Even though the sous vide cooking technique has been around for more than 50 years (since it was re-discovered by American and French engineers in the mid-1960s and developed into an industrial food preservation method), it’s still completely new to most home cooks.
Joule vs Anova
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The technique involves cooking food sealed in a plastic pouch placed in a water bath or steam environment at a precisely controlled temperature. Meats cooked using the sous vide technique are never under- or over-cooked, fruits and vegetables are tastier and don’t lose any vitamins or minerals, and most meals can be prepared in under 30 minutes and left to cook slowly while you go about your day.
Currently, the two most popular sous vide precision cookers for home cooks are the ChefSteps Joule. The Anova is available in two versions: a more powerful 900-watt version with Bluetooth and Wi-Fi connectivity ($199), and a less powerful 800-watt version with Bluetooth connectivity only ($149). We’ve tested the 900-watt version. The Joule is also available in two versions: stainless and plastic. The stainless version of the Joule costs $199, and the plastic version costs $179.
Both the Anova and the Joule are designed to work with a companion smartphone application, and they both offer the same basic functionality and deliver very similar results. But there can be only one winner, and you’re about to find out which of the two entry-level sous vide precision cookers it is.
Anova Precision Cooker
The Anova is 14.75 inches long and weighs 2.5 pounds. It features an adjustable clip that works with any pot or plastic food container and keeps the cooker upright during cooking. The Anova has a large digital display that informs the user about the current and target temperature, the set and current cooking time, and other things. Near the display are several control buttons that make it possible to control the cooker even without a smartphone.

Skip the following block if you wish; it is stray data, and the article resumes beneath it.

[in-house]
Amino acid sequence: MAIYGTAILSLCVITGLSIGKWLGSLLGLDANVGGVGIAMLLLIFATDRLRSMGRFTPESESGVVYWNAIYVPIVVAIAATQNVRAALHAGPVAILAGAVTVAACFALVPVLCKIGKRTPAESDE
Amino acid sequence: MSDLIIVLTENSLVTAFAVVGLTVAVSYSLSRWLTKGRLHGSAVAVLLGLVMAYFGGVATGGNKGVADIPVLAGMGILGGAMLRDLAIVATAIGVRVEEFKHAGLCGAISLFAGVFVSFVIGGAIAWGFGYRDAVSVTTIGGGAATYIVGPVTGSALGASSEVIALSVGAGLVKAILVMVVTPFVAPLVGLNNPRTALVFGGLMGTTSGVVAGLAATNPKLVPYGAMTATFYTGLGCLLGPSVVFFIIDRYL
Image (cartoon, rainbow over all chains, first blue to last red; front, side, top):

Both the 800-watt and the 900-watt versions of the Anova cooker have the maximum temperature of 210 Fahrenheit (99 Celsius), and they can heat up to 5 gallons (19 liters) of water.
Even though the Anova has physical control buttons, it really only comes to life with the Anova smartphone app (available for free for iOS and Android). Anova partnered with Serious Eats to create guides for the app, which explain everything you need to know to prepare your food and set the correct temperature and cooking time. The recipe selection is fairly large, but some are text-only.
The Joule is 11 inches long and weighs 1.3 pounds, considerably less than the Anova. Just like the Anova, the Joule has a clip that keeps it upright during cooking, but it also features a strong magnet that can keep it in the center of any steel or induction-ready pot. Unlike the Anova, the Joule doesn’t have any display nor control buttons (except for a power on/off button) because the precision cooker is designed to be controlled entirely from the smartphone app.
At 1100 watts, the Joule is more powerful than the Anova, which results in faster water heating, although the cooking capacity is similar to Anova’s. Bringing a gallon of water (roughly 4 liters) from room temperature to 132 Fahrenheit (55 Celsius) takes the Joule about 10 minutes and the Anova twice as long.
Because the Joule is designed to be operated entirely from the app, the app has received a lot of polish. You can set temperature and time based on images of how the food is going to look like after you take it out and serve it. Each part of the sous vide cooking process is illustrated with detailed explanations and professional videos.
Regardless of whether we cooked a juicy ribeye, eggs, fish, seafood, or veggies, the food always came out perfect using both the Anova and the Joule. When cooking a steak using the same temperature and time settings, the two precision cookers gave very similar results, and any deviation between the two could be attributed to the differences between the two cuts of meat.
We measured the temperature difference between the Anova and the Joule using a digital thermometer and discovered that the maximum variance is around 0.5 Fahrenheit, which is inconsequential in the real world.
If all you care about is how good your food tastes, it doesn’t matter which of these two precision cookers you get. They both produce the same great results. But if you also care about the cooking experience itself, the chances are that you would like the ChefSteps Joule more. Being a newer cooker, the Joule is sleeker and more polished than the Anova, and it doesn’t cost much more.